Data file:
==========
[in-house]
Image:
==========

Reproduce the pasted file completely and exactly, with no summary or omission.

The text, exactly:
[in-house]
Image: